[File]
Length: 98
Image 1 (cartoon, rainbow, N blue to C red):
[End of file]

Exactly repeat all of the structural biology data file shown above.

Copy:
Length: 98
Image 1 (cartoon, rainbow, N blue to C red):